But there is an even more fundamental problem with obesity-related taxes. As van Baal and others have shown, the lifetime healthcare costs of obese people are actually lower than average due to their shorter lifespans (van Baal et al. 2008, Grootjans-van Kampen 2014). Add to this the financial savings to the state that come from a reduced pensions bill as a result of premature mortality and it becomes clear that obesity is not a drain on government resources. On the contrary, it is probably cost-saving. This, of course, is an economic argument, not a moral one, but it illustrates the hazards of presenting moral arguments in economic terms.
Transferring regulatory power to quangos
7. ‘Remove responsibility for nutrition from the Department of Health and return it back to an independent agency’
This policy illustrates another element of the modern campaigner's mindset - a desire to distance decision-making over things like lifestyle choices from democratic control. This technocratic, anti-democratic tendency has been rife in political circles for some time. When the Conservative-Liberal Democrat coalition government came to office in 2010, it promised a 'bonfire of the quangos' (the flame soon went out). While campaigners have often found willing listeners in Whitehall's civil service and even among ministers, elected politicians still have to answer to voters. Taking power away from departments and giving it to quangos means that accountability is no longer there.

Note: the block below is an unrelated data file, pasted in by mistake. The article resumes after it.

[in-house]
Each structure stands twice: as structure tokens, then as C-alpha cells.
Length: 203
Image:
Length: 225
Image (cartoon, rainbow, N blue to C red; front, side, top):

More ambitious public health campaigners have called for powers to be pushed even further away from the hands of democratic governments. In November 2014, several hundred health groups and individuals wrote a letter to the World Health Organisation - which is itself an unaccountable NGO - requesting a binding international treaty to tackle obesity (Long et al. 2014). This proposed ‘Global Convention to Protect and Promote Healthy Diets’ included many of the anti-market policies discussed above, including ‘restrictions on marketing to children’, ‘compositional limits on the saturated fat, added sugar and sodium content of food’, ‘removal of artificial trans fats’, ‘restaurant calorie labelling’, ‘fiscal measures and financial incentives’ and ‘public health impact assessments in trade and investment policies’. Since national governments are capable of introducing any of these measures of their own volition, a global treaty would serve no other purpose than to impose the views of the Western public health elite on politicians now and in the future.